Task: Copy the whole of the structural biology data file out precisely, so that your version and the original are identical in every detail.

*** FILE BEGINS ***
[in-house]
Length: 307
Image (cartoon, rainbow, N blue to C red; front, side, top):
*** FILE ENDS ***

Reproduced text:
[in-house]
Length: 307
Image (cartoon, rainbow, N blue to C red; front, side, top):